- There was no charge for testing? Funding for, and access to the collaboration center, could potentially come from joining one of the North American standards bodies, such as the TIA and oneM2M.
- Manufacturers could design to a single standard, pass preliminary and final tests and go to market in only 4 – 6 weeks?
- There was an industry collaboration database and web portal that made it easier to submit waivers for already certified products when a manufacturer re-brands them for third party companies?
Let’s switch gears to industrial end users.
Unlike activating a consumer cellphone which has many voice/data plan options, it’s difficult to find data plans for M2M devices whose sole purpose is to transfer data. You’re not likely to find help at the local cellular store. Then provisioning those devices with working data connections often entails wading through proprietary systems and manuals. Finally, users need to be able to remotely manage devices, which, in industrial environments, are often numerous and located in remote or hazardous locations.
To simplify device provisioning for end users, what if…
- M2M devices were carrier agnostic (i.e. Gobi 3K), where you could simply purchase a device, select a carrier, turn it on and be done in less than an hour for $0?
- M2M cellular device manufacturers navigated the pain points of provisioning for their industrial customers, like the local cellular store does for consumers? For example, manufacturers could team up with mobile virtual network operators (MVNO), who bundle data in the form of SIM cards, so that M2M cellular routers could come equipped with pre-paid data plans, data billing, roaming and even virtual private networking (VPN), which is the key to provisioning devices with connectivity across carrier networks. B&B recently worked with Digi-Key and Jazz Wireless to develop such a 3G Router/SIM Card bundle .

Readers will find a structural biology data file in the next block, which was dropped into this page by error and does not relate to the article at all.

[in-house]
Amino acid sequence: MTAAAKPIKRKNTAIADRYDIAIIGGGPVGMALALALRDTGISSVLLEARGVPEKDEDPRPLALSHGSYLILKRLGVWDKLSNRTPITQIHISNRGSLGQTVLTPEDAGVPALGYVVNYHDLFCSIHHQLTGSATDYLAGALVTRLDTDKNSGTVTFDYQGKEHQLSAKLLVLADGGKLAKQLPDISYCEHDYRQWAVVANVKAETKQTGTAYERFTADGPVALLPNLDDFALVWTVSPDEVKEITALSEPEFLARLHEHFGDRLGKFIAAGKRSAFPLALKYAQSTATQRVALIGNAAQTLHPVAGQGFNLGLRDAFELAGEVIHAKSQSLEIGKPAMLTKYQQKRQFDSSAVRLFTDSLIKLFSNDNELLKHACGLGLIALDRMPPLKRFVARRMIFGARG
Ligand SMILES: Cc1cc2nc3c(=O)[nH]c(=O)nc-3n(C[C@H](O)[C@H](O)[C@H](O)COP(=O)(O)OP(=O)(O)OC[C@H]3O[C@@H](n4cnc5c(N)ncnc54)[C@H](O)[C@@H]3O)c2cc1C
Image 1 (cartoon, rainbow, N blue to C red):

And then there’s remote device management
It’s impossible to discuss device management without talking about the service layer. A service layer allows for edge-to-application data connectivity, and also for its management. Users ultimately need the ability to provide automated firmware updates to devices in the field, via the service layer.
As I mentioned before, oneM2M is working to enable M2M services to share the same service layer language globally so they can talk to each other – and be interoperable. My colleagues will discuss the service layer and remote device management extensively, so I won’t go into it here. I will say that there’s much progress being made, with prospects such as the OMA-DM  client for remote device management, and TIA’s TR-50 M2M protocol standards , which both make it easier for manufacturers to understand how to interface to the service layer, so they can implement connectivity to the devices they make. OMA-DM also enables MNOs (Mobile Network Operators) to leverage the management platforms that they already have in their network for managing mobile devices, to also manage M2M devices, with minimal further investments.
Have a voice in connecting M2M – join oneM2M
oneM2M wants to bring global M2M players to the collaboration table from verticals such as telematics, intelligent transportation, healthcare, utilities and industrial automation. Device manufacturers, software companies and technology leaders are welcome – anyone who wants to have a voice in how devices will communicate with each other globally.
Many forward-thinking standards bodies and manufacturers have already joined oneM2M, now with over 269 members (list at: http://www.onem2m.org/participants.cfm ). Information on how to join oneM2M is at: http://www.onem2m.org/join.cfm